On December 27, 2019, the office of Canadian Governor General Julie Payette announced that Dagg had been appointed a Member of the Order of Canada. [21] [22]

Giraffe field research

Male giraffes in South Africa. Giraffe Ithala KZN South Africa Luca Galuzzi 2004.JPG
Male giraffes in South Africa.

Dagg has been referred to as "the Jane Goodall of giraffes" and is recognized as having made significant contributions to the study of giraffes. [23] [13] Dagg first became interested in giraffes as a young child while visiting Illinois' Brookfield Zoo with her mother. [5] [4] [24]

During the mid-1950s Dagg traveled alone to South Africa to study the behavior of giraffes out of captivity. [25] The trip was prompted by what she described in 1974 interview with the Toronto Star as a "tremendous urge to see giraffes roaming free, instead of being cooped up in zoos." [4] She contacted government officials in various African countries requesting permission to study the animal in their natural habitat and received only rejections, some noting the work wasn't a suitable undertaking for a woman. [13]

Ahead of the trip Dagg changed tactics by adjusting how her letters were signed. She contacted citrus farmer Alexander Matthew, who owned land near Kruger National Park in close proximity to roaming giraffes, to ask for permission to visit and study giraffes. Her request was granted based on the Matthew's assumption that the letter, signed A. Innis, was written by a man. [13] Upon Dagg's arrival he told her she would have to return to Canada because allowing her to bunk with the male farmhands was, for him, out of the question. [4] Rather than returning home she travelled to Grahamstown where she spent her time researching giraffes at the Rhodes University library. [24] :18 [26] She began writing to Matthew multiple times a week for several weeks asking for permission to return. He eventually agreed, allowing her to stay in his family's home in exchange for clerical services over the course of her stay. [4] In turn, Dagg was given access to 33,000 hectors of groves and bush frequented by 95 giraffes. [13]

Dagg spent upward of ten hours a day in the field taking extensive notes about all aspects of giraffe behaviour, including what they ate and how they interacted, and was the first to note male giraffes engaging in homosexual behaviour. [5] In addition to her research at Fleur de Lys,[ clarification needed ] she travelled to Tanganyika and Kenya to observe other giraffe populations over the course of her stay. [24] :19 Her research marked the first time a scientist set out to study giraffes in the wild. [5] In 1965, due to the unique nature of her research, she was invited to appear on the American television show To Tell the Truth . [26] Upon returning to Canada, she began PhD in animal behaviour at the University of Waterloo, which she completed in 1967 under the supervision of Anton de Vos. [1] [27] Her thesis work analyzed and compared the gaits of giraffe and other large mammals. [28] Dagg's field research was eventually published in The Giraffe: Its Biology, Behavior and Ecology (1976). Co-authored with ecologist J. Bristol Foster, the book is recognized by researchers as the foundational text on giraffes. [13] [29]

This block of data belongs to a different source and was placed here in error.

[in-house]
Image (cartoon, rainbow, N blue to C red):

Gender inequality in academia

During her PhD studies, Dagg attempted to secure employment as a professor, but found that at the time universities weren't inclined to hire women. [5] Dagg's experience as a woman in academia would go on to shape her work and research interests for the remainder of her career. She has researched and published about anti-nepotism laws at academic institutions in North America arguing that they disproportionately impact the female spouses of male professors. [30] :61 According to Dagg, anti-nepotism rules, whether formal or unspoken, combined with a reluctance by universities to hire their own PhD students doubly hindered the wives of male faculty: "A wife often earns a Ph.D. from the local university where she is then unable to become a professor because of this opposition. Unlike many other women, she may not be free because of her marriage to seek a position at a university outside her locale, a dilemma which makes her career vulnerable to the local university's policies." [31]

In 1974, Dagg filed a complaint with the Ontario Human Rights Commission against Wilfrid Laurier University. The complaint was in regards to the school's refusal to interview her for a position in their biology department despite 19 years experience, opting to instead hire a male professor whom she claimed had less experience and fewer qualifications. [32] [33] Dagg requested a formal review of the complaint by Ontario's Ombudsman after the Commission found that her claims were "absolutely without foundation." [32]

Dagg further explored the experiences of women in academia in the 1988 book MisEducation: Women & Canadian Universities, co-authored with Patricia J. Thompson. The authors pointed to a reliance on course material and textbooks reliant on gender-based stereotypes, male co-workers making sexist jokes, and lack of support or funding for women researchers as example of how conditions at Canadian universities hadn't changed much for women over time. In a Globe and Mail interview, Dagg, who at the time had published 10 books and more than 50 scholarly articles, said about the book that she hoped her lack of tenure wouldn't cost her her job. [34]

Personal life

Dagg married Ian Ralph Dagg (1928-1993) in 1957. The ceremony took place at St. Pancras Town Hall in London, England. [4] Ian Dagg taught at the University of Waterloo's Physics Department from 1959 to 1993, and served as chair of the department from 1988 to 1993. [35] Together until his death, the couple had three children: Hugh, Ian and Mary. [7]